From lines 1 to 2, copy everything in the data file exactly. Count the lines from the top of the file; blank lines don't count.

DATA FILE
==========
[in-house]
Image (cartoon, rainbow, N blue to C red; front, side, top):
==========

[in-house]
Image (cartoon, rainbow, N blue to C red; front, side, top):